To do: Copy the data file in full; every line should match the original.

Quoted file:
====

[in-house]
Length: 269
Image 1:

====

[in-house]
Length: 269
Image 1: